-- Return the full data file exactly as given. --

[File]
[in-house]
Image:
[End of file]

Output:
[in-house]
Image: